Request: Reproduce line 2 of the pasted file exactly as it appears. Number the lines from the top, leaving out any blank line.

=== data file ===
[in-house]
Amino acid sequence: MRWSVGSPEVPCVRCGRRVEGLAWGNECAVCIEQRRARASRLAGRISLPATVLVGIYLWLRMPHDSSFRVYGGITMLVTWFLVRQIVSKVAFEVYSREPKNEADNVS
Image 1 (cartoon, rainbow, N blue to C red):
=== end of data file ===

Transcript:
Amino acid sequence: MRWSVGSPEVPCVRCGRRVEGLAWGNECAVCIEQRRARASRLAGRISLPATVLVGIYLWLRMPHDSSFRVYGGITMLVTWFLVRQIVSKVAFEVYSREPKNEADNVS